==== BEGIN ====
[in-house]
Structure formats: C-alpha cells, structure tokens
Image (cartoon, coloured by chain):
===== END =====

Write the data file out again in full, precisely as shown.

[in-house]
Structure formats: C-alpha cells, structure tokens
Image (cartoon, coloured by chain):